Re: Sidney Spit closed to allow fallow deer hunt, PNR Friday, Nov. 21.
Let me preface my comments by saying that I am not a deer hunter although I do have a few deer roaming my property that I would like to see less frequently.
If I understand the writer correctly:
1. The fallow deer being hunted on Sidney Island are not the traditional game of the Coastal Salish First Nations.
2. The deer were originally imported to James Island 112 years ago by a non-native hunting club.
3. The deer would try to populate Sidney Island on their own, but couldn’t settle due to lack of fresh water.
4. Some enterprising non-native hunters dug wells in the 1960s and 1970s to encourage the deer population and presumably create a hunting opportunity on the island.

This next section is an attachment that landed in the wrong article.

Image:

5. As a result, the deer population grew to the extent that periodic culling has been necessary to minimize ecological damage to the island.
I find that I can’t ignore the irony in that non-natives who created the hunting habitat are not permitted to hunt, yet Coastal Salish First Nations, who never hunted them in the first place, can. Why can’t this be an opportunity shared by First Nations and non-native people alike?
Steve Heddle, North Saanich